April 16, 2010
I’ve been thinking over the past few days about anonymity. Very few people are able to exercise this remarkable feat, even if they’re dead.
You could be one of the most unacknowledged people on the planet, and there would still be something on you, somewhere. For example: the never-contacted-before Envira Indians existing near the Peru border in Brazil who were photographed in May 2008. Never heard of them. Never knew they existed. But now there’s something on them.
I often look over the blogs I keep, my email, twitter, Facebook and think: why the hell am I exposing myself like this? I’ve no real desire for recognition, nor do I hold social networking particularly high in regard, but I often have something to say and that’s probably the only reason why I haven’t erased my identity from the internet. As far as is possible to erase.
Note: I wonder what will happen to all of these efforts when I’m dead…
I’ve got a fair bit to say sometimes but I’m aware that not many people take the time to listen and I don’t especially care. It only takes one person to listen and then it’s up to them to decide what to do with the things I’ve said.
I more or less have reasonable control of my presentation and representation in the material I directly publish about myself on the internet but I have virtually no control when having to relinquish my personal details to say, Amazon or my general practitioner.
Amazon pays attention to my browsing history and tempts me with similar items whilst the doctors don’t do much of anything except sit quietly with my details until another body contacts them and requests information. With my consent of course.
And this is where it begins to bug me.
Does consent even mean anything?
I have to fill in a CRB disclosure form, like most people, in order to breathe. I also need to apply for a passport to prove my identity beyond a shadow of a doubt. And it’s not even that now, is it? Not after recent events where it was shown that passports can be successfully made on a fraudulent and sophisticated basis.
I was under the impression that passports were to enable travel and free movement. Now they’re a fallible form of identity.
I have no choice but to give my consent for private information about me to be passed from one party to another. Sure, I can deny this consent but then that suspends my rights.
Perhaps I’m being far too cynical here but I can clearly see that by not disclosing my mental health to a potential employer, the said employer can, if they so wished, release me from my position with relative ease and no obligation to help or support me if I suddenly go off the deep end. I have to tell but I don’t really want to. Why?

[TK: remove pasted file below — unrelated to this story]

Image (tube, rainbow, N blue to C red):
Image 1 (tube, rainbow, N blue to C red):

Because sometimes, it’s nobody’s damned business.
This is the crux of my irritation. Why do so few have the right to know so much about my private life but I have no right to protect myself from them? Not without sacrificing my civil rights at the same time.
Disclosure isn’t for my own protection. It’s for interested parties to keep tabs on and exploit.
April 15, 2010
It’s been one of those weeks where you easily get lost in everything; you know those kiddy activities you get on the back of paper placemats, the ones with the mazes? I was shit at those. I have trouble seeing logical patterns and yet at the same time, have some of the most outlandish and imaginative ideas, make some of the most ridiculous connections and make them seem plausible.
I’ll not betray my influences this week. Larsson’s Millenium Trilogy has sent me spinning and kick-started an urge to scribble every detail down.
I’m in a process of retreating. Right into the maelstrom too. I’ve never been so thrilled at burying myself in my own thoughts and seeing what happens when I pull at this thread and the next.
This is introspective, don’t you think? All of you who have come from afar must think: surely this is not the same person? It is. I keep my pep and my doom relatively separate. Hello by the way. I hope that you’ll continue to follow me here.
And this is so cryptic. But that’s what happens when you retreat into the trees, the web, the tunnels, the labyrinth – whatever euphemism you want to give it. The truth of the matter is, I’ve been quite mad for the past week, barely present at all, and now I’ve found myself presented with the opportunity to sneak off into a badly lit corner… where I can report here about the things that keep creeping up in my mind, such as:
- How odd it is that both the leaders of the Conservatives and Labour have close-set eyes (that’s not a dig, I couldn’t care less if they were 12ft tall and multicoloured. It’s purely an observation…)
- There are things hidden everywhere and unless you’re in-the-know, you’re likely to walk past these hidden things all the time without realising
- My life is documented in ways and places that I can’t necessarily access with ease. I find this very uncomfortable. Judgements are made without me knowing or being able to refute them
- Somewhere in British Columbia, the Orca I chose to adopt and support for £3 a month is swimming about, living
- Dead people are the most interesting people ever
So what will become of me now? Between playing online and thinking deeply, I’m going to be writing. Maybe nothing will come of it. Maybe something explosive will happen. I’m open to the possibilities but one thing is for sure: I will be writing.
I haven’t said that in over a year.
For those of you who are thinking of sticking around, I may have more focused musings in the short period between now and then.